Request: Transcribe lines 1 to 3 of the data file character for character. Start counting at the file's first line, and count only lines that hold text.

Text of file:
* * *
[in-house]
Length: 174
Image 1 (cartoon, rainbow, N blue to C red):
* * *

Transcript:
[in-house]
Length: 174
Image 1 (cartoon, rainbow, N blue to C red):